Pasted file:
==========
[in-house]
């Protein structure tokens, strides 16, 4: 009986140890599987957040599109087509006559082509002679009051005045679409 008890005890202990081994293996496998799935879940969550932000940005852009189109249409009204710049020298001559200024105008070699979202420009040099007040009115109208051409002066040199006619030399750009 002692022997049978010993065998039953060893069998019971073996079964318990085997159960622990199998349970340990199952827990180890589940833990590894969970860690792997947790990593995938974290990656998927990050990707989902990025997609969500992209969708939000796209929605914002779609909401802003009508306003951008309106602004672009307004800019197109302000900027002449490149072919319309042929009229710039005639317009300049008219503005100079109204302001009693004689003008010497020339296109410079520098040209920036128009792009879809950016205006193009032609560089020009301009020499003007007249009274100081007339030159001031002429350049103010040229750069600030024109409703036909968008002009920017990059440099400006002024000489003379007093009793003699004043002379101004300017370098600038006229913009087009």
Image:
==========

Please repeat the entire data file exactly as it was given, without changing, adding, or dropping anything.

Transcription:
[in-house]
């Protein structure tokens, strides 16, 4: 009986140890599987957040599109087509006559082509002679009051005045679409 008890005890202990081994293996496998799935879940969550932000940005852009189109249409009204710049020298001559200024105008070699979202420009040099007040009115109208051409002066040199006619030399750009 002692022997049978010993065998039953060893069998019971073996079964318990085997159960622990199998349970340990199952827990180890589940833990590894969970860690792997947790990593995938974290990656998927990050990707989902990025997609969500992209969708939000796209929605914002779609909401802003009508306003951008309106602004672009307004800019197109302000900027002449490149072919319309042929009229710039005639317009300049008219503005100079109204302001009693004689003008010497020339296109410079520098040209920036128009792009879809950016205006193009032609560089020009301009020499003007007249009274100081007339030159001031002429350049103010040229750069600030024109409703036909968008002009920017990059440099400006002024000489003379007093009793003699004043002379101004300017370098600038006229913009087009």
Image: